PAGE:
5 things to watch in Bitcoin this week

    Bitcoin (BTC) starts another week aiming for $19,500 and beyond as crunch time for Brexit meets mass U.S. money printing.

    Cointelegraph takes a look at the price factors at stake for Bitcoin this week as shaky $19,000 support remains in play.

    Bitcoin CME futures hourly chart. Source: Tradingview

    $7 trillion money printing?

    The more controversial elements of U.S. President-elect Joe Biden’s future tenure are already becoming clearer — and it’s good news for Bitcoin.

    As his inauguration edges closer, Biden has already said that he plans a $7 trillion recovery package to tackle the impact of coronavirus. This would add a huge new chunk of debt to the already huge mountain that the U.S. has accrued this year.

    Against the backdrop of an already weakening dollar, the U.S. could thus face a potent cocktail of dangerous economic factors driving down wealth. The appeal of a safe haven has thus never been so real.

    “We had a horrible time in 2008 because of too much debt, and since 2008, the debt everywhere has skyrocketed. We can’t even count how much the debt is up,” Jim Rogers, co-founder of the Quantum Fund with George Soros, said at an investment summit last week quoted by Reuters.

    “If Janet Yellen is the next Secretary of the Treasury, she loves to print and spend money.”

    Federal Reserve balance sheet historical chart. Source: Federal Reserve

    As Cointelegraph reported, the strength of the dollar is predicted to fall further in 2021, something that has traditionally buoyed Bitcoin. The greenback is already at its weakest against a basket of trading partner currencies since April 2018.

    As an indication of the direction the U.S. is headed, meanwhile, Preston Pysh noted the opposing direction of U.S. debt versus M2 money velocity.

    “Check out the disparity on these two charts -just in 2020 alone,” he mentioned to Twitter followers.

    “A growth in M2 money supply by +22.5%. Velocity of money DOWN by -20%. Printing is nesting itself into bonds and stocks. It’s causing massive destruction of the middle class. You might want to checkout Bitcoin.”

    Stimulus coming but without checks

    New debt may come a lot sooner than even Biden can summon. As Senators began hinting on Sunday, a new coronavirus stimulus package could appear as soon as Monday.

    Subject to voting, the bill would come with a price tag of almost $1 trillion and provide “targeted relief,” Democratic Senator Mark Warner of Virginia told CNN.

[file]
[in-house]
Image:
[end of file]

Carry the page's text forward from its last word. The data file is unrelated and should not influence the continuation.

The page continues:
“I think we have got the top line numbers done. We are working right now on language so that we can have — as early as tomorrow — a piece of legislation,” he claimed.

    The new stimulus bill has seen little progress despite promises from Treasury Secretary Steven Mnuchin months before. A second stimulus check of $1,200 for eligible Americans, however, no longer features in the latest proposals.

    The first $1,200 stimulus check from mid April would be worth almost $4,000 if invested in Bitcoin at the time.

    UK meets its Brexit Waterloo

    It’s make or break for the United Kingdom and the Euopean Union agreeing a Brexit trade deal.

    After many a delayed deadline and last-ditch efforts to resolve their differences, the two sides now accept that time has run out and that only a matter of days — or less — stands between the U.K. leaving with a deal or crashing out of the E.U.

    “We keep calm as always and if there is still a way, we will see,” the E.U.’s chief negotiator Michel Barnier told reporters over the weekend.

    The pound was suppressed on Monday as uncertainty took hold, and a surprise lack of a trade deal would automatically shave off more of its value, analysts said last week.

    As with any major geopolitical event, the potential for Bitcoin to profit briefly from the shockwave remains, this likely to come later on Monday.

    As Cointelegraph reported last week, Nigel Farage, formerly the head of the pro-Brexit U.K. Independence Party, described Bitcoin as the “ultimate anti-lockdown investment” in reference to London’s harsh restriction of individual freedoms over the coronavirus.

    Buzzword institutional FOMO

    Within Bitcoin, attention remains fixed on whether more “fear of missing out,” or “FOMO,” from institutional investors will see more mass buy-ins and a squeeze on the supply.

    Even mainstream media is entertaining the idea of a price transformation thanks to large-volume players entering, something which is all the more possible thanks to the Federal Reserve propping up equities markets and creating artificial competition.

    Grayscale, the investment giant with over $10 billion in Bitcoin assets under management alone, would be the first industry heavyweight to benefit under such circumstances.

    “Institutional investors are keen on portfolio construction in the wake of Covid, and the ways they need to reposition themselves given how governments have injected stimulus into the system,” managing director Michael Sonnenshein told Bloomberg.